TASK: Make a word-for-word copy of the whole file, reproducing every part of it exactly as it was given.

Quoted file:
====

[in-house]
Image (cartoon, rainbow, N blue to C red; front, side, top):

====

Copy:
[in-house]
Image (cartoon, rainbow, N blue to C red; front, side, top):